Of Schemes and Memes Blog

Best of Nature Network, nature.com blogs and Scitable: 7 – 13 July


Jennifer Carpenter reports in the News Blog that US and Canadian researchers have evolved a population of fruitflies that can count:

The result, presented on 9 July at the First Joint Congress on Evolutionary Biology in Ottawa, Canada, supports the notion that the neural mechanisms underlying basic arithmetic skills first emerged hundreds of millions of years ago. It could also eventually offer a key to understanding why some people have problems with numbers.

Few doubt that our closest animal relatives have some capacity to count. A variety of clever studies have also revealed the numerical skills of more distant species, including salamandersfish and bees. But until now, no one has ever tried to genetically enhance an animal’s counting ability.

If you want to hear more about these numerically savvy insects, then continue to Jennifer’s post.


Kathleen Raven announces in the Spoonful of Medicine Blog, the burgeoning field of do-it-yourself biomedical research got a major endorsement this week when the genetic testing heavyweight 23andMe announced that it had bought the community health site CureTogether for an undisclosed sum:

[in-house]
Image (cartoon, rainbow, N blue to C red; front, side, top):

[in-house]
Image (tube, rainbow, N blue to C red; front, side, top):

With CureTogether, a social networking site that enables users to conduct their own research studies by sharing and aggregating health information, California-based 23andMe appears to be getting serious about expanding its efforts in the Web-based, participant-driven research arena.

Already, peer-reviewed studies involving 23andMe’s 150,000 customers have yielded novel genetic insights into Parkinson’s diseasehypothyroidism and common traits such as freckling. CureTogether’s infrastructure and user base—which span some 500 medical conditions—should only make such patient-driven research easier.

What does the future hold for 23andMe? Find out in Kathleen’s post.

There is no “normal”